Portugal's two-year cost of borrowing hit the highest level since it joined the euro in a bond auction and its government said yields were unsustainable in the long run without Europe-wide action.
But treasury secretary Carlos Pina said the country did not require an international bailout – despite the move being viewed as inevitable by the market.
"These are rates that are not sustainable in the longer term, but they are still bearable at the moment, which reinforces the need for measures at the European level," Pina told Reuters in a telephone interview.
His comments came just two days before the first of this month's two European summits, where euro zone leaders will take the next cautious steps in their year-long effort to quell the region's debt crisis.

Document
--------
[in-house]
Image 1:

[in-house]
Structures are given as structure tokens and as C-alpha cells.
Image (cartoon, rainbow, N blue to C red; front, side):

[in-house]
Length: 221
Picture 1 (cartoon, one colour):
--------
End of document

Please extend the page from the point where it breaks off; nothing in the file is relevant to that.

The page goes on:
"We are conscious that the rates remain high and have been worsening, implying a need for an urgent European plan of measures to make the (European Financial Stability) fund more flexible," Pina said.
These measures are likely to be discussed in detail at the European Union summit on March 24-25.
He said Portugal was doing what is needed to put its public finances in order and "does not need external help".
The government aims to cut the budget deficit this year to 4.6 per cent from gross domestic product after beating last year's target of 7.3 per cent.
The yield on the September 2013 bond soared to 5.993 per cent from 4.086 per cent in an auction last September, also surpassing the 5.396 yield in the sale of a longer-dated October 2014 paper in January.
"With yields at these levels this outcome will do nothing to challenge expectations Portugal is heading for a bailout and in somewhat short order," said Rabobank strategist Richard McGuire.
Still, the yield at the auction came at the lower end of secondary market rates and the IGCP debt agency sold all €1bn (£861m) on offer, with demand outstripping supply by 1.6 times.
City A.M. Reporter